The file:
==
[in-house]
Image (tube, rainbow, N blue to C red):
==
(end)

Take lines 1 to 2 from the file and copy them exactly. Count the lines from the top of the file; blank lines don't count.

[in-house]
Image (tube, rainbow, N blue to C red):